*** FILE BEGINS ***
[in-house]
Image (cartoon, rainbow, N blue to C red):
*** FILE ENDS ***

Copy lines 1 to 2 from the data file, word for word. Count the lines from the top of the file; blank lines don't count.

[in-house]
Image (cartoon, rainbow, N blue to C red):